On 31 May, World No Tobacco Day (WNTD) is commemorated to raise awareness of the deadly effects of tobacco use and second-hand smoke exposure and to discourage tobacco use in any form.
This year’s WNTD is a good opportunity to highlight the trends in tobacco use and related disease burden in Indonesia, which with 85 million smokers, has one of the highest prevalence of cigarette consumption globally.
An estimated 68.1 percent of adult Indonesian men smoke, the highest rate in the world (see Figure below). Indonesian youth are starting to smoke younger and younger. While smoking among women is low, exposure to second-hand smoke is common, posing health risks to non-smokers. Easy access and low cigarette prices fuel tobacco use. A package of cigarettes in Indonesia can be bought for less than a US$ 1, among the lowest and more affordable prices in the world.
Indonesia’s five leading causes of death are all tobacco-related, including ischemic heart disease, cerebrovascular disease, tuberculosis, diabetes, and chronic respiratory diseases (IHME, 2017). Morbidity from smoking-related diseases accounts for more than 21 percent of all cases of chronic disease in the country. As show in the graph below, Indonesia is also a High Burden Tuberculosis (TB) country, which is one of the top ten causes of death worldwide.
In Indonesia, paternal smoking is a predictor of increased probability of short-term and chronic child malnutrition. In households where the father was a smoker, tobacco accounted for 22 percent of weekly per capita household expenditures, with less money spent on food compared with households in which the father was a non-smoker (Semba et al., 2007). This is troubling as Indonesian children suffer from high rates of malnutrition with a prevalence of stunting of 37 percent and of wasting of 12 percent. Stunting in the first two years of life can lead to irreversible damage, including shorter adult height, lower schooling attainment, reduced adult income, and increased incidence of morbidity in later life, which undermines human capital development.
The economic cost of smoking in Indonesia is high. Smoking-attributable health expenditure in Indonesia is estimated at about US$ 1.2 billion per year (Goodchild et al., 2017; Barber et al, 2008). This represents about 8 percent of total public expenditures on health (including government budgetary and social insurance expenditures) and about 3.3 percent of total health expenditures (including government budgetary and social insurance expenditures, out-of-pocket, and other private). The indirect economic costs are estimated to amount to about US$ 6.8 billion (Kosen,2009). The economic burden of smoking falls hardest on low-income smokers who risk impoverishment due to loss of income and high out-of-pocket payments for the treatment of tobacco-related diseases--but they stand to gain the most from reducing consumption.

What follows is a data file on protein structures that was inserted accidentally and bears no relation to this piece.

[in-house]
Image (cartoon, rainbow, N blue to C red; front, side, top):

If the tobacco use pattern now observed in Indonesia is not controlled, the country risks a future “public health and fiscal tsunami” due to increasing rates of chronic diseases that are costly to treat and that will strain government and household budgets. Decisive tobacco tax reform is therefore required by the new government in Indonesia to rapidly raise prices and swiftly cut smoking rates. Higher tobacco taxes can also increase domestic resources for investments that benefit the entire population, for example pursuing universal health coverage, which is one of the country’s priorities.
Policymakers in Indonesia are often concerned about impacts on employment. The results of recent World Bank Group assessments show that tobacco manufacturing represents only a small share of Indonesia’s economy-wide employment (0.60 percent) and a relatively low percentage of jobs in the manufacturing sector (5.3 percent). This compares to the food (27.43 percent), garment (11.43 percent), and textile (7.90 percent) sectors. The productivity of tobacco manufacturing workers is also quite low relative to that in other comparable sectors, and tobacco manufacturing is geographically concentrated in East and Central Java (76 percent) and West Nusa Tenggara (18 percent). Only a few districts are substantially dependent on tobacco sector employment.
Simulations done by the World Bank suggest that raising cigarette taxes by an average of 12 percent would increase cigarette prices by an average 5 percent and simplifying Indonesia’s cigarette tax structure to 6 tiers will reduce cigarette demand by 1.89 percent, increase government revenue by 6.41 percent, and reduce gross employment in tobacco manufacturing by 0.43 percent. These estimates do not consider the creation of jobs in other sectors due to the shift in consumers’ spending away from tobacco. And, the estimated total household income loss from reduced employment in the handmade kretek industry amounts to only 0.16 percent of the revenue gain that Indonesia will obtain by increasing cigarette taxes (Rp 10,916 billion in one scenario).
So, on this WNTD, it would be appropriate for the new government in Indonesia to act boldly and swiftly to reform tobacco taxation for health and fiscal gains, as well as to promote human capital development — in 2017, Indonesia’s Human Capital Index (ICI) was lower than the average for its region. Priority action should center on (i) reducing the number of cigarette tax tiers with the goal of adopting a uniform rate for all cigarettes; and (ii) removing the 57 percent tax burden ceiling, rapidly raising tobacco excise taxes for all categories of cigarettes, and aiming for WHO’s recommended tax level of 70 percent of retail price within three years.
Visit the World Bank Group Global Tobacco Control site for global and country assessments, blogs, videos.